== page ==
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Bernese Mountain Dogs

The Bernese Mountain Dog is also known as: Berner Sennenhund, Bernese Cattle Dog

Fast Facts

Group classification: Working Country of origin: Switzerland Date of origin: Antiquity
Weight (M): 90 - 120 lb Height (M): 25 - 28" Life expectancy: 7 - 9 years
Weight (F): 70 - 100 lb Height (F): 23 - 26"

General Description of the Bernese Mountain Dog

The Bernese Mountain Dog is a large, beautifully colored working dog. Its head is broad and flat, with a gentle furrow and distinct stop, and a muzzle that is straight and long. Gently oval shaped eyes are brown in color. The ears are triangular, medium in size, set close to the head with softly rounded ends. A long, muscular neck leads to a topline that is even from withers to croup. The chest is deep and well-muscled, and the back firm and wide. The tail is long, bushy and carried low unless the dog is alert, in which case it is lifted slightly. The coat is dense, thick and long, and can be either straight or gently waved. Coloring is always tri-colored, with jet black ground, and symmetrical markings of rust and white.

Bernese Mountain Dog Temperament

The Bernese Mountain Dog is a fantastic pet for families with children. These gentle giants adore children and are protective, loving and gentle. They are loyal and tend to stay that way for life, which is why they should be brought into a home as puppies and ownership should not be changed after the age of 18 months if at all possible. This breed is sociable with other animals and accepting, though a tad reserved, around strangers. They are intelligent and hardworking, but also boisterous and energetic. They enjoy being around people and cannot be left alone for long periods. These dogs are sensitive in nature and need gentle guidance rather than sharp or harsh correction. All in all, the Bernese Mountain Dog makes a great family pet if socialized and trained correctly.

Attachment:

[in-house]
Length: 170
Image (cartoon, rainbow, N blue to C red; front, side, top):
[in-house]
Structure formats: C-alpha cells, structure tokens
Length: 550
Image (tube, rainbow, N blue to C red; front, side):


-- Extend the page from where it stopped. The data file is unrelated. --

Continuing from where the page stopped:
Caring for a Bernese Mountain Dog

The Bernese Mountain Dog is a working breed, and as such requires a good deal of exercise. The dog enjoys long walks and pulling; tying your dog’s harness to a wagon and having him pull the kids around the driveway is excellent exercise and something the whole family can enjoy. Because the Bernese Mountain Dog has a thick, dense coat, regular brushing is a must. During shedding season, brushing and combing will need to be performed more frequently. Keep the ears clean and the nails clipped. Make sure your dog gets plenty of exercise and opportunities to socialize to keep it healthy and happy. This dog should not be made to live outside, since closeness to its family is so important to its mental development; ideally, the dog should sleep indoors and have easy access to a backyard. Take care that your dog does not get overheated on hot days. The Bernese Mountain Dog is susceptible to canine hip and elbow dysplasia, gastric torsion, mast cell tumor, entropion, ectropion, cataracts and subvalvular aortic stenosis.

Don’t let the name fool you.  The Bernese Mountain Dog, although suitable for living outdoors, can also be a great apartment dog.  I went to the dog park last Saturday and met a gorgeous 2-year old female Bernese named Riley.  She was as sweet as can be…she literally followed me the entire time I was there.  The squeaky KONG tennis ball that I brought with me was an instant hit with many of the dogs at the park, including Riley.  Unfortunately she wasn’t as fast as a feisty Jack Russell I met or even Ollie but she still chased it nonetheless.

Other infor
Bernese Mountain Dogs sort of look like bigger versions of Black Tricolor Australian Shepherds.  You might have seen these dogs on television; they’re the ones who pull the carts and wagons.  Despite all the hard work they put in, these dogs have some of the best temperaments around.  They are affectionate, intelligent, loyal, eager to please and are mostly friendly to people, dogs and other animals.  They can be shy and need time to think things through so it is important to be gentle with them.  They love encouragement and treats though!  They are also great with children.  Sounds like the best dog ever huh?
Unfortunately there is one downside to these beautiful dogs, and that’s their short lifespan which is only 7 years on average :(   They suffer from a plethora of health problems midway through life and need an owner that is willing to deal with this added responsibility.  For the right owner however, these dogs will make an awesome companion.
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